For those old enough to remember, April 20,1999 is a day in history that many wish to forget. Or better yet, long to turn back the hands of time and prevent the unimaginable heartache to follow. Now, 20 years later, we need only say one word to evoke the weight of the tragedy and its impact across the nation – and that word is Columbine.

A Columbine High School memorial brick in a sidewalk in Denver. Courtesy: Shutterstock

HCA Healthcare-affiliate nurse Sandra O’Connor says it’s a day she’ll never forget. O’Connor was the charge nurse on the day shift in the emergency room at affiliate Swedish Medical Center in Englewood, Colorado, when she received her first phone call just before 11:30 a.m.

“Our director of admissions, who was at lunch, called and said she’d seen on TV that there had been a shooting at Columbine High School,” O’Connor recalled. “I didn’t know what that meant, to be honest. You have to remember – at that time, many people didn’t have cell phones. So our phones weren’t blowing up; there was no Facebook, no Twitter, and no Instagram.”

“The only resource we had in order to know what was going on was the local news,” O’Connor explained. And it really did unfold on the air.”

On April 20, 1999, two students opened fire at Columbine High School in Littleton, Colorado, gunning down 12 of their fellow classmates and a teacher before killing themselves. Columbine became the first school shooting to become a nationwide media spectacle with wall-to-wall television coverage.

Emergency notification during Columbine

Swedish Medical Center was the closest Level 1 trauma center to Columbine. O’Connor remembers the medical control person calling to give updates and explaining that the HealthONE hospital could potentially receive hundreds of victims.

“Our ER physicians happened to be having their monthly meeting in house that morning, and it ended at 11 o’clock,” she said. “So, I still had extra physicians on-hand immediately, if needed.”

The protocol 20 years ago would have been to start a call or phone tree for an emergency notification. One person would call another who would call another to deliver the message to report to the ER.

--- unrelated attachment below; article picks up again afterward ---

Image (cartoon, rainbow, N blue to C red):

Nurse Sandra O’Connor working triage in the early 1990s.

“That’s what we did for the nursing staff,” O’Connor said. “I had an administration secretary sit down with the staff phone list and start calling people to bring in a second wave of people to the ER.”

Approximately 13 nurses headed to the ER – some on their own after seeing the events live on TV – within the hour.

‘It was like textbook.’

Four Columbine students were rushed to Swedish Medical Center following the shooting. The healthcare team that was assembled to treat each patient included a trauma surgeon, an ER physician, two to three nurses and a patient tech, according to O’Connor.

“We received three patients fairly close together – one right after the other – and then about an hour later, the fourth patient arrived,” said the now house supervisor at Swedish. “We probably received the most critically injured, including two victims who sustained spinal cord injuries due to gunshot wounds.”

Local news footage of Swedish Medical Center physician briefing the public on the students’ conditions. Courtesy: Newsy.

The ER team had one goal that day – to save their lives. While there were no lasting relationships made with the four survivors, their names and faces will forever be seared into O’Connor’s mind.

“There have been interviews with different survivors leading up to the 20th anniversary of Columbine,” she said. “Just this week, I saw a segment with one of our patients. I was like, ‘Oh my gosh, there he is!”

“In the emergency room, we didn’t have time to build relationships with them or their families, so to see what he looked like 20 years later, it was overwhelming.”

As tragic as that day was, O’Connor is proud of how her team responded.

“It was like textbook. Everybody did what they needed to do. There weren’t any glitches and I couldn’t have been more proud of how we handled it.”

Lessons learned at Columbine

Two decades later, first responder and emergency preparedness plans continue to evolve from the lessons learned at Columbine.

“Twenty years ago, we didn’t have a command center or real incident command system set up at that time,” said the 34-year veteran nurse. “Everyone just came to the emergency room. Our hospital PR team, our administrative personnel…the ER was the command center.”

Today, Swedish Medical Center has a new command center, radio system, and have conducted countless trainings to make sure communication is streamlined and everyone is as prepared as possible for a tragedy.

A recent mass casualty training held at Swedish Medical Center.

O’Connor also believes the scale and resources available as a member of the HCA Healthcare family is unmatched. In the event of a disaster, the enterprise emergency operations center in Nashville will stand ready to assist its colleagues, patients, and communities we serve.

“I have such confidence that we’re so much better prepared today than we were 20 years ago,” she said. “We did phenomenally. We got four critical patients; those patients all made it to surgery in a short amount of time, and they all survived.”

Watch O’Connor share her story on Newsy here.

Sandra O’Connor joined the HCA Healthcare family in 1990 as an emergency room nurse at affiliate Swedish Medical Center in Englewood, Colo. She now serves as the house supervisor for the HCA Healthcare-HealthONE hospital. Swedish Medical Center’s emergency department was a recipient of the 2018 Emergency Nurses Association (ENA) Lantern Award – one of only 19 hospitals in the nation to earn the prestigious award. 

Sandra O’Connor served as ER charge nurse on the day of the Columbine shooting. She is now house supervisor at Swedish Medical Center.